Detroit public schools to require masks indoors, weekly testing for staff

Detroit Public Schools Community District students and staff will have to wear masks this fall regardless of their vaccination status and employees will have to undergo weekly COVID-19 testing, according to a return to school plan adopted Tuesday by the school board. 

Superintendent Dr. Nikolai Vitti detailed the protocols Wednesday as well as the district's spending plan for $1.2 billion in federal COVID aid. With the school board's formal adoption of the plan, Vitti said, there's "more clarity on what the return looks like."

Vitti told the virtual audience of about 100 people that he will spend this week and next on a series of engagement sessions on expectations for the fall. District principals will run the same type of sessions with staff and students to break down the return policies including temperature checks, cafeteria rules and other COVID-19 protocols.

Detroit Public Schools Community District students and staff will have to wear masks this fall regardless of their vaccination status and employees will have to undergo weekly COVID-19 testing, according to a return to school plan adopted Tuesday by the school board. Superintendent Nikolai Vitti made the announcement Wednesday, Aug. 11, 2021.

“We are going to continue to rely on a masking policy for vaccinated and unvaccinated students because we are seeing a rise in COVID,” Vitti said Tuesday. “We have always been more stringent, more cautious when it comes to COVID because our community was devastated by COVID … we have to continue to be more cautious, more stringent and abide by CDC and state guidelines, even though they are only recommended.”

The state's largest district adopted its plan one day after the Michigan Board of Education voted in favor of a resolution supporting independence for local districts to make "scientifically informed decisions" including on "mandates for universal masking" at all school facilities and events for students, teachers and visitors regardless of their COVID-19 vaccination status. 

Gov. Gretchen Whitmer’s administration last week endorsed a recommendation from the state health department for universal masking in K-12 school buildings, saying it will help increase the amount of in-person learning.  

School districts can design their own policies unless Whitmer issues another epidemic order, which she said on July 27 that she has no plans to do.

Vitti said Wednesday the district will continue with weekly COVID-19 testing, which he noted began in the spring.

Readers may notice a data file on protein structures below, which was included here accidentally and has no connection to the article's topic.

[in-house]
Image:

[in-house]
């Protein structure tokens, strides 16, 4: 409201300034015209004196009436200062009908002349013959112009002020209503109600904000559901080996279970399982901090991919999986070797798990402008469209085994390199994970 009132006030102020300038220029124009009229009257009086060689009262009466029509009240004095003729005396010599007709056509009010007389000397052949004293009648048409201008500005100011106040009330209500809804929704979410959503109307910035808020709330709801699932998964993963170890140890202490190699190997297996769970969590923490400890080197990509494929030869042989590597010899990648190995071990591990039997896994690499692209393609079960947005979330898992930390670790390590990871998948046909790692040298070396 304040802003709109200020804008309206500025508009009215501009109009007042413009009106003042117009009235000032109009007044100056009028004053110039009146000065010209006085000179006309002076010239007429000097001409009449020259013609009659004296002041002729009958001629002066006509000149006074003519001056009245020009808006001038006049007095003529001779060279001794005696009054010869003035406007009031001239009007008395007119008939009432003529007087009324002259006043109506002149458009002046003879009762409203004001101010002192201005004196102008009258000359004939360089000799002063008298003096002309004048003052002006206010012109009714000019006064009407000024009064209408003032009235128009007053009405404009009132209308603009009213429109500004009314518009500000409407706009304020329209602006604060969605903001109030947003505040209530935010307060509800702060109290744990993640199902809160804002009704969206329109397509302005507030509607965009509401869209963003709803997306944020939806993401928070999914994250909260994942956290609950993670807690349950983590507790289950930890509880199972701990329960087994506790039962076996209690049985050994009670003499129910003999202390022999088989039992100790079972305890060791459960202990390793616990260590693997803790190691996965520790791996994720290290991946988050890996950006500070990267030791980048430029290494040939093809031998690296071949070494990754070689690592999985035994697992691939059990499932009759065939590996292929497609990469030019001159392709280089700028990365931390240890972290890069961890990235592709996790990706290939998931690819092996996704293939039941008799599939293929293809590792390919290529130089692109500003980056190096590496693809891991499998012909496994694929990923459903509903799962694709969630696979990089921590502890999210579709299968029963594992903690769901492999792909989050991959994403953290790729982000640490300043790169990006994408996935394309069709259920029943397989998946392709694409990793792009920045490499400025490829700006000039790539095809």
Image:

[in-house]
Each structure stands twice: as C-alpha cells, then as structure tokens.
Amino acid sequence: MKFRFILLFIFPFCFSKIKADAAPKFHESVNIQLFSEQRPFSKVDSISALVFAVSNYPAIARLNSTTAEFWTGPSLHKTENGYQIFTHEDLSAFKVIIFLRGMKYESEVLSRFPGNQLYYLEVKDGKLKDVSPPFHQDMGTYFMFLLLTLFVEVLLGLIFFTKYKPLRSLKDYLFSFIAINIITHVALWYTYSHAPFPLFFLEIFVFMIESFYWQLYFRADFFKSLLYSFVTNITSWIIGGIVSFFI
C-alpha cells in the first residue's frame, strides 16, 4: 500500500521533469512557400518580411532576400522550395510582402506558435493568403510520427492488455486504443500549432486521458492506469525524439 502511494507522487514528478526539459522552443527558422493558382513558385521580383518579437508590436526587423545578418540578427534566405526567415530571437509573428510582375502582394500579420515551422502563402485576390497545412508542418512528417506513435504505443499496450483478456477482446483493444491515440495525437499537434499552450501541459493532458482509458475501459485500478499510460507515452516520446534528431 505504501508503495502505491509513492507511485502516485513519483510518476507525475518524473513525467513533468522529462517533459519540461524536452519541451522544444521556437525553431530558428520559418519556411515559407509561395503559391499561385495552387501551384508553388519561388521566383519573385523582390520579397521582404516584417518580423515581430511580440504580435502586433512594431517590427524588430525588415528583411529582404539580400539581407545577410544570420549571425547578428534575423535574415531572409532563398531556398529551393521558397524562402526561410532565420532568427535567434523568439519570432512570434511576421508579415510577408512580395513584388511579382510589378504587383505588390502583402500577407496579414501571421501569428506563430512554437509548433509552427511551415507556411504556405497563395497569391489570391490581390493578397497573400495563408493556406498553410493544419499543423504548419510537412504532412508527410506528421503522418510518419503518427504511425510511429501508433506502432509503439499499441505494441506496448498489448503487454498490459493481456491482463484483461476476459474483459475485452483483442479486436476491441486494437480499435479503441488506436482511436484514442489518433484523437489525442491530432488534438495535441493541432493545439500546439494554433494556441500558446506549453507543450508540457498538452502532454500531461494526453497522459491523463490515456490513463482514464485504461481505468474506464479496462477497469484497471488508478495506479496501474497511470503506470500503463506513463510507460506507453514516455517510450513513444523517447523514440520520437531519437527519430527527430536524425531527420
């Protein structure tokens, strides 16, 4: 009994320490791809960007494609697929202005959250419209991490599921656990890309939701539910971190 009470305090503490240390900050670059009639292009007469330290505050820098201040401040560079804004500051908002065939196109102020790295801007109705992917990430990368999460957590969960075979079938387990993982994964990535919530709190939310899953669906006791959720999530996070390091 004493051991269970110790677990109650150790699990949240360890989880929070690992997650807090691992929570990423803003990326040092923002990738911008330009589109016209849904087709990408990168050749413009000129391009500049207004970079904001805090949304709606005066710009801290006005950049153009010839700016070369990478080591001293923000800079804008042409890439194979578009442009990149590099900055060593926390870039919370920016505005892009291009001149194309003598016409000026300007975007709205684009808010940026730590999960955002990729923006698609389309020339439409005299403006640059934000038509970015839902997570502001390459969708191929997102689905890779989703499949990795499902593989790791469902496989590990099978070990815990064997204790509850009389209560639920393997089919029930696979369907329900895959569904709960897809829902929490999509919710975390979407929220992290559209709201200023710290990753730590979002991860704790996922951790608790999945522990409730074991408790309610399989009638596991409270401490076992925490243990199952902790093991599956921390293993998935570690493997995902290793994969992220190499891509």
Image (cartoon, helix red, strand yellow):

Detroit, Vitti said, is one of few districts that will require testing for teachers.

The testing happens at school sites or at the central office. Contractors facilitate the process, not employees, and it’s a saliva test, not a nasal swab, Vitti added.

The district also strongly urges that students in prekindergarten through 12th grade take the tests, based on how hard-hit the city was by the virus. Detroit, where about 41% of people 12 or older have at least one shot of vaccine, has had 52,668 cases of the coronavirus and 2,306 residents have died from COVID-19.

The district's infection rate currently is below 1%, which is lower than the state and city averages. Over 70% of the district's staff is vaccinated, Vitti said. 

Vitti also broke down how the district will allocate its pandemic aid. The funding, he said, will help with recovery efforts to cope with learning loss and to address transportation challenges and repairs for aging school buildings. 

In 2018, Livonia-based OHM Advisors estimated it would cost $500 million to address inoperable boilers, corroded plumbing fixtures, missing ceiling tiles in classrooms, exterior walls with cracks, roof leaks and a host of other problems.

The district lost 2,700 students since the pandemic started in March 2020. 

Vitti said the district will have smaller classes this fall and is offering a separate virtual school option for families. Teachers, however, will focus on in-person learning. 

The final approval comes about two weeks after the district reached an agreement with its teachers union for reopening schools amid the ongoing pandemic. Beyond smaller class sizes and the separate district-operated virtual school, the agreement includes up to $2,000 in staff hazard pay.

Vitti said for grades K-2 the standard class size is 25 and the district is targeting for 22; for grades third through fifth the standard is 30 and being targeted for 25; grades 6-8 they typically have 35 and will aim for 27; and for grades 9-12 they will target 30 students as opposed to 35 students. 

According to the district, it obtained and installed last year temperature check kiosks for each of its schools. The kiosks are touchless and will alert officials about staff or students with temperatures greater than 100.4 degrees. Anyone with temperatures higher than that will be sent home.

In addition, Detroit public schools will also require that students' desks must be at least 3 feet apart; respiratory etiquette and regular handwashing, and; contact tracing in combination with isolation and quarantine as well as dedicated nursing staff at all schools.